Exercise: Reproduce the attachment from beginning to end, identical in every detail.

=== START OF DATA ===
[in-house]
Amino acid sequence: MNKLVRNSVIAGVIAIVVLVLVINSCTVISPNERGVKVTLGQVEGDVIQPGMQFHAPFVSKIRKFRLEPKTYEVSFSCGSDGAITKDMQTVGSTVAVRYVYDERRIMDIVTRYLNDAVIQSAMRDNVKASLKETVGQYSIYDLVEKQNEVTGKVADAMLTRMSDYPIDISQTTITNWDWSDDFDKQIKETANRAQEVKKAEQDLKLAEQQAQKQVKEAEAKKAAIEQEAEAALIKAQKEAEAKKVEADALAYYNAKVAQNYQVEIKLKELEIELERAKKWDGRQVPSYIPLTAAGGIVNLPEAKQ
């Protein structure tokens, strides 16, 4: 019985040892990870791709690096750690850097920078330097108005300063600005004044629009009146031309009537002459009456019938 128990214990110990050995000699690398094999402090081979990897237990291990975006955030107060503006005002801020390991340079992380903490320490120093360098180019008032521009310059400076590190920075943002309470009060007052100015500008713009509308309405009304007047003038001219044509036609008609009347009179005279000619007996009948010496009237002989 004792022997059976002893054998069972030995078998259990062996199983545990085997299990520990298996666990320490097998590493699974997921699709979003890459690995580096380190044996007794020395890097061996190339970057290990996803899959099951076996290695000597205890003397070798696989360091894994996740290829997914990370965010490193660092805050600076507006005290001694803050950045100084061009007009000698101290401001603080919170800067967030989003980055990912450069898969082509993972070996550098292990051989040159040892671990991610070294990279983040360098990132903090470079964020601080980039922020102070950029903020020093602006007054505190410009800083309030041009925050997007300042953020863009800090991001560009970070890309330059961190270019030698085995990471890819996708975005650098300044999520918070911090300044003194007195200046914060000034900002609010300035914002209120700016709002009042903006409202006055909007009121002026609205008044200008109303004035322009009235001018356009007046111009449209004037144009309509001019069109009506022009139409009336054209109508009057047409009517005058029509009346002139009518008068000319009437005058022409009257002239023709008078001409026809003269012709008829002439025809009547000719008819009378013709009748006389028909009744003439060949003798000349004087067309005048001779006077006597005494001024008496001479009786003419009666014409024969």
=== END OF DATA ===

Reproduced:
[in-house]
Amino acid sequence: MNKLVRNSVIAGVIAIVVLVLVINSCTVISPNERGVKVTLGQVEGDVIQPGMQFHAPFVSKIRKFRLEPKTYEVSFSCGSDGAITKDMQTVGSTVAVRYVYDERRIMDIVTRYLNDAVIQSAMRDNVKASLKETVGQYSIYDLVEKQNEVTGKVADAMLTRMSDYPIDISQTTITNWDWSDDFDKQIKETANRAQEVKKAEQDLKLAEQQAQKQVKEAEAKKAAIEQEAEAALIKAQKEAEAKKVEADALAYYNAKVAQNYQVEIKLKELEIELERAKKWDGRQVPSYIPLTAAGGIVNLPEAKQ
């Protein structure tokens, strides 16, 4: 019985040892990870791709690096750690850097920078330097108005300063600005004044629009009146031309009537002459009456019938 128990214990110990050995000699690398094999402090081979990897237990291990975006955030107060503006005002801020390991340079992380903490320490120093360098180019008032521009310059400076590190920075943002309470009060007052100015500008713009509308309405009304007047003038001219044509036609008609009347009179005279000619007996009948010496009237002989 004792022997059976002893054998069972030995078998259990062996199983545990085997299990520990298996666990320490097998590493699974997921699709979003890459690995580096380190044996007794020395890097061996190339970057290990996803899959099951076996290695000597205890003397070798696989360091894994996740290829997914990370965010490193660092805050600076507006005290001694803050950045100084061009007009000698101290401001603080919170800067967030989003980055990912450069898969082509993972070996550098292990051989040159040892671990991610070294990279983040360098990132903090470079964020601080980039922020102070950029903020020093602006007054505190410009800083309030041009925050997007300042953020863009800090991001560009970070890309330059961190270019030698085995990471890819996708975005650098300044999520918070911090300044003194007195200046914060000034900002609010300035914002209120700016709002009042903006409202006055909007009121002026609205008044200008109303004035322009009235001018356009007046111009449209004037144009309509001019069109009506022009139409009336054209109508009057047409009517005058029509009346002139009518008068000319009437005058022409009257002239023709008078001409026809003269012709008829002439025809009547000719008819009378013709009748006389028909009744003439060949003798000349004087067309005048001779006077006597005494001024008496001479009786003419009666014409024969």